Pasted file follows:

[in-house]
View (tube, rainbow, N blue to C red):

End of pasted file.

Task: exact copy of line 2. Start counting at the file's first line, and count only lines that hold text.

View (tube, rainbow, N blue to C red):